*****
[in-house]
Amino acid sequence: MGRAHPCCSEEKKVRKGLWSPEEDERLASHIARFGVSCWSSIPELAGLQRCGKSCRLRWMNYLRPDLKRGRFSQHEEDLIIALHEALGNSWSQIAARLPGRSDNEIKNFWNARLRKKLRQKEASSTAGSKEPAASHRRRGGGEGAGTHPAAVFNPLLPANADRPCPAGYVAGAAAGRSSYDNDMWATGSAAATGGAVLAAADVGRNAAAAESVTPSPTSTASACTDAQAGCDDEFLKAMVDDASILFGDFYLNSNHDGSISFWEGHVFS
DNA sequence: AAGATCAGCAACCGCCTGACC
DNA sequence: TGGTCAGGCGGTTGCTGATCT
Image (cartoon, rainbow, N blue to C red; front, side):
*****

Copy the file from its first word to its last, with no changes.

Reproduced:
[in-house]
Amino acid sequence: MGRAHPCCSEEKKVRKGLWSPEEDERLASHIARFGVSCWSSIPELAGLQRCGKSCRLRWMNYLRPDLKRGRFSQHEEDLIIALHEALGNSWSQIAARLPGRSDNEIKNFWNARLRKKLRQKEASSTAGSKEPAASHRRRGGGEGAGTHPAAVFNPLLPANADRPCPAGYVAGAAAGRSSYDNDMWATGSAAATGGAVLAAADVGRNAAAAESVTPSPTSTASACTDAQAGCDDEFLKAMVDDASILFGDFYLNSNHDGSISFWEGHVFS
DNA sequence: AAGATCAGCAACCGCCTGACC
DNA sequence: TGGTCAGGCGGTTGCTGATCT
Image (cartoon, rainbow, N blue to C red; front, side):